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The Negotiator (1998)

In a desperate attempt to prove his innocence, a skilled police negotiator accused of corruption and murder takes hostages in a government office to gain the time he needs to find the truth.

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2 wins & 6 nominations. See more awards »

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Cast

Cast overview, first billed only:
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Adam Beck
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Grant Frost
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Chief Al Travis
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Terence Niebaum
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Maggie (as Siobhan Fallon)
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Rudy
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...
Markus
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Palermo
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Eagle
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Argento
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Scott
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Hellman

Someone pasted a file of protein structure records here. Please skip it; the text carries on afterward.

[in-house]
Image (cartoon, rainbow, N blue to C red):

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Storyline

In the midst of an elaborate conspiracy, an expert negotiator is driven to the edge when he's framed for the murder of his partner, as well as embezzling money from his department's pension fund. His only chance to prove his innocence is to take hostages himself, acquire the services of another expert negotiator, and find out who's running the conspiracy before it's too late. Written by Ted Walters

Plot Summary | Plot Synopsis

Taglines:

Chicago's two top negotiators must face each other. One of them is holding hostages. The other is demanding surrender. And everyone's holding their breath. See more »


Motion Picture Rating (MPAA)

Rated R for violence and language | See all certifications »

Parents Guide: